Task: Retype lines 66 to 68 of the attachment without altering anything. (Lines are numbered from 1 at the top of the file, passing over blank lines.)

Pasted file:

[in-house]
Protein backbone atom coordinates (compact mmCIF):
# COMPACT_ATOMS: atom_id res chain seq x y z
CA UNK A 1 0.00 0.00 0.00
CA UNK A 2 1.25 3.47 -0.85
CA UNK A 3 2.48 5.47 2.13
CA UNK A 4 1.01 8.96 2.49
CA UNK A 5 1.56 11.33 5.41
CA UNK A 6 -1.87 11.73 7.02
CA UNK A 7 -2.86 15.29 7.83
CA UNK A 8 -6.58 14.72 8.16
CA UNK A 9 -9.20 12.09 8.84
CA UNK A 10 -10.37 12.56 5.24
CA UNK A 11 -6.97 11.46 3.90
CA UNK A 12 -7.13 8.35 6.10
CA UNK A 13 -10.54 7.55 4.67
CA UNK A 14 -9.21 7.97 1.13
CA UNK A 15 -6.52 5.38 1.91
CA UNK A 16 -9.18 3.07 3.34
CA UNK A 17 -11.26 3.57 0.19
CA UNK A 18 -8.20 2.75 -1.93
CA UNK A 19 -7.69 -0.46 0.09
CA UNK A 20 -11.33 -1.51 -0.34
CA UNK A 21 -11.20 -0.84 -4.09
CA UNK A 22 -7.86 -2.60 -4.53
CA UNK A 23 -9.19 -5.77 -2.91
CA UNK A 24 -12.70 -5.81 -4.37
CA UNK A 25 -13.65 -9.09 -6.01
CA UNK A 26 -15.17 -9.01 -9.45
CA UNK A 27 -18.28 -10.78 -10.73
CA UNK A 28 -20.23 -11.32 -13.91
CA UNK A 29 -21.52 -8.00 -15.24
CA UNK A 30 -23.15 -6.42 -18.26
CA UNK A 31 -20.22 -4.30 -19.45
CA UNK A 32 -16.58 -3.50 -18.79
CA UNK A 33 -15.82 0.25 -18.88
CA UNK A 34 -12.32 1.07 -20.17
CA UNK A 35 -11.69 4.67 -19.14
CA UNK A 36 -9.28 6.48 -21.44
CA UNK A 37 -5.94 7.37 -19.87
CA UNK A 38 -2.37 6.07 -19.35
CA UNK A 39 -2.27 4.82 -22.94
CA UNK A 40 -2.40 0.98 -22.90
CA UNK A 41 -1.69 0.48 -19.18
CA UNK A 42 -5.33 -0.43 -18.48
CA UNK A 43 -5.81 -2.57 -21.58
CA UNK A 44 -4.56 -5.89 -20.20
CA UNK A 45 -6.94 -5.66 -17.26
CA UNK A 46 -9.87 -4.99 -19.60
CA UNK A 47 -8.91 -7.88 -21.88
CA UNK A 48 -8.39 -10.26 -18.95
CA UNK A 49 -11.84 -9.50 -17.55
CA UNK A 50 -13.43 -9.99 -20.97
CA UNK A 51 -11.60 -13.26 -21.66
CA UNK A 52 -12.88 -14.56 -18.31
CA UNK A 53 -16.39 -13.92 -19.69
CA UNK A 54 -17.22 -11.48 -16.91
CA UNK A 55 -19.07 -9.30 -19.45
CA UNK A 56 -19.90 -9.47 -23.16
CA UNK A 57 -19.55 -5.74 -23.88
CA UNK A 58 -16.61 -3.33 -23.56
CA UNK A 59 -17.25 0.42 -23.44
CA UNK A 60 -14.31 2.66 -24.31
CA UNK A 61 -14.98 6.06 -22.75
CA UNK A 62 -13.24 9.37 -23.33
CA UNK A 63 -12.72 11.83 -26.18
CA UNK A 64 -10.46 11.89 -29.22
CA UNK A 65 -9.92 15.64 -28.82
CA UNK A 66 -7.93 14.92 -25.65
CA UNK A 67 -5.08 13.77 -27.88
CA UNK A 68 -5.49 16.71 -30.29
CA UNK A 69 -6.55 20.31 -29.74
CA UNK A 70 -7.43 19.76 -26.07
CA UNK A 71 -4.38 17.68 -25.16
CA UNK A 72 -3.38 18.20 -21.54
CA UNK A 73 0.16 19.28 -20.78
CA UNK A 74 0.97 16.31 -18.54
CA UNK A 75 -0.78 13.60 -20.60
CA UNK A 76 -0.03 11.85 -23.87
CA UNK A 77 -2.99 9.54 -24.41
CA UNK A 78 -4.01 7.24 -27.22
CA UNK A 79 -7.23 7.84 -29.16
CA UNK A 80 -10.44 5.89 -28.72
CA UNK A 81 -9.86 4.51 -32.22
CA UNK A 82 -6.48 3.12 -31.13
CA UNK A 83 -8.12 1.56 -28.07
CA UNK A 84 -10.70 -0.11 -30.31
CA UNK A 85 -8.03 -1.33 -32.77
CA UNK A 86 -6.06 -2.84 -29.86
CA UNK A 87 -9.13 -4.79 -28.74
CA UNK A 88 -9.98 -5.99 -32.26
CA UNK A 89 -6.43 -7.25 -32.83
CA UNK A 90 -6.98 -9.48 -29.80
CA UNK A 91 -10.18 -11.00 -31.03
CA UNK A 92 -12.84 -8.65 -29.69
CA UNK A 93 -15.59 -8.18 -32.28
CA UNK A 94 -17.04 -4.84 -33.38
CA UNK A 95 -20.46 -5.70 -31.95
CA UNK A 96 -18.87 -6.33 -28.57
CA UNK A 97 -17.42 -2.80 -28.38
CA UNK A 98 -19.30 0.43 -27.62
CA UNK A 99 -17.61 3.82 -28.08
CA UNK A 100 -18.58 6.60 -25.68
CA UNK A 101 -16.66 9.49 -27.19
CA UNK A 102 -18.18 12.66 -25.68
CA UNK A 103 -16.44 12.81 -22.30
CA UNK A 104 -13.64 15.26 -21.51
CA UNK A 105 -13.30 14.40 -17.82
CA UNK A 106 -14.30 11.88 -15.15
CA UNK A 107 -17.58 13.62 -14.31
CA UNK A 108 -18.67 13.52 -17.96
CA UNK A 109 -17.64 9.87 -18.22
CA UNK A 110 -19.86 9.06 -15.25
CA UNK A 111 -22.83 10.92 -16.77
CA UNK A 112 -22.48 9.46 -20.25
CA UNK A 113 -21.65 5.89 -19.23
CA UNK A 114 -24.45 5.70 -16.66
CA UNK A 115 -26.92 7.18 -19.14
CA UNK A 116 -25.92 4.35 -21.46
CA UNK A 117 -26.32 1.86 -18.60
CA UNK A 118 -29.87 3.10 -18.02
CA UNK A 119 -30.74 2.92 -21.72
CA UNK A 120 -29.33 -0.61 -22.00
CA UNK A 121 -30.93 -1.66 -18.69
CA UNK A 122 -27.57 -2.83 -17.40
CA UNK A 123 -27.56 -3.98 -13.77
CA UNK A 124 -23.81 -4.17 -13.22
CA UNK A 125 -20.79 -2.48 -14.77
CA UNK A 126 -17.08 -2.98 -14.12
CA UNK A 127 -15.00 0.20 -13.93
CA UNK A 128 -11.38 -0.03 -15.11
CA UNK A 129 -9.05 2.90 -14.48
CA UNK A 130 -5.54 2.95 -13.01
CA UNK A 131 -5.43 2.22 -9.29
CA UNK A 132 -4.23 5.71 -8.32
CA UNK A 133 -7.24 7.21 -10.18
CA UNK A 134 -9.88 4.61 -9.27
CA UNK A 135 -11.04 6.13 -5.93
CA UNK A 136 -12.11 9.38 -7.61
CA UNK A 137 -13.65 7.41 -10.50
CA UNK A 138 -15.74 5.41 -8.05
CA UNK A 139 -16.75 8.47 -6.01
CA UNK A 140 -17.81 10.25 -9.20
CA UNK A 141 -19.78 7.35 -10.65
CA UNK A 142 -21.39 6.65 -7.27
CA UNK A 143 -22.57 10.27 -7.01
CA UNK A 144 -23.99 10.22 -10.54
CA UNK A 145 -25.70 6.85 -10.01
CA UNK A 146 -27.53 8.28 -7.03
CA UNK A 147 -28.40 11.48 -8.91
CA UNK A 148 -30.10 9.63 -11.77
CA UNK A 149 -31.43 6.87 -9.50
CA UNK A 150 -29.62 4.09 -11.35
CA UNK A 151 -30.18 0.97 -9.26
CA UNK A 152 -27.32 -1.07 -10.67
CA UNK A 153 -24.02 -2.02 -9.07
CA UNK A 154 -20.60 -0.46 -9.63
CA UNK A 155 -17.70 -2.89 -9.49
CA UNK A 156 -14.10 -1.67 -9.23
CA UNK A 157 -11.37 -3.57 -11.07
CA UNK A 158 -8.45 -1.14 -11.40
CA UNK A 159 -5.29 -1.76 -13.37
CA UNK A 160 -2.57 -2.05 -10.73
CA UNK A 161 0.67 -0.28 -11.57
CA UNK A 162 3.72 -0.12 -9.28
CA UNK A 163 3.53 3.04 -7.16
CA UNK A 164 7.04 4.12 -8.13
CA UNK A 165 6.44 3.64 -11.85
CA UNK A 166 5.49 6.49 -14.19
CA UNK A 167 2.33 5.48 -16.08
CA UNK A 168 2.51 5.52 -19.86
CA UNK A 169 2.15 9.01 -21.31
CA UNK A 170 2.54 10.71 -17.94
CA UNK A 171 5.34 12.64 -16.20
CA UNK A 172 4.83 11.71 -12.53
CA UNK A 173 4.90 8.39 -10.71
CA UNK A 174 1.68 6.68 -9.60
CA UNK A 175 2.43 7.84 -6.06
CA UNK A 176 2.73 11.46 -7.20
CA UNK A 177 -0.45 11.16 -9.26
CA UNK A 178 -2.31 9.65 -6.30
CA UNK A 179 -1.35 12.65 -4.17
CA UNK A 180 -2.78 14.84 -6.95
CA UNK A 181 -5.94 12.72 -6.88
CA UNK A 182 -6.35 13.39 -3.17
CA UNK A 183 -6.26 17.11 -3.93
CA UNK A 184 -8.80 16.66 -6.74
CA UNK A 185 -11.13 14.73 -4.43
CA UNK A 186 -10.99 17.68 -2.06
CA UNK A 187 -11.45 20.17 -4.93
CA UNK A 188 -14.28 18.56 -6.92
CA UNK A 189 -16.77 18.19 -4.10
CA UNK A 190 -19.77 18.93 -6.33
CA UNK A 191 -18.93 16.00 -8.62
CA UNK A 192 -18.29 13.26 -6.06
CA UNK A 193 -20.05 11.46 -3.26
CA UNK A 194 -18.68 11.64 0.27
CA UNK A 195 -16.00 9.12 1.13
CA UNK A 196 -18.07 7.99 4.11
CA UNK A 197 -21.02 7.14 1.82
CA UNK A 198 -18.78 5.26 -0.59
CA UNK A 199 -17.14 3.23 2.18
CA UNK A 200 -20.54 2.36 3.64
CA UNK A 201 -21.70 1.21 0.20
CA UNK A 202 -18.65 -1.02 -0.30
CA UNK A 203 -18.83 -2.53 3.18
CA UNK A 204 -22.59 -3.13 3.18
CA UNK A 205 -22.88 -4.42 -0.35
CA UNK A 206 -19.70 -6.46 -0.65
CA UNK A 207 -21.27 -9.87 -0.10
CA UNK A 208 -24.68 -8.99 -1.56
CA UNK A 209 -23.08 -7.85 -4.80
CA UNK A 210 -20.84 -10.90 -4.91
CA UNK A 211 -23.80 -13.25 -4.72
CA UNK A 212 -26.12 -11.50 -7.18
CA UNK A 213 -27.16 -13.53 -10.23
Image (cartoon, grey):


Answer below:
CA UNK A 63 -12.72 11.83 -26.18
CA UNK A 64 -10.46 11.89 -29.22
CA UNK A 65 -9.92 15.64 -28.82